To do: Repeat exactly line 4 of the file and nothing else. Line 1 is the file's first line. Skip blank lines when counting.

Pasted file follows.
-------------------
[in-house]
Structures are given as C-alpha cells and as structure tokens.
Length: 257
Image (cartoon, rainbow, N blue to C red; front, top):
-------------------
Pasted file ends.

Image (cartoon, rainbow, N blue to C red; front, top):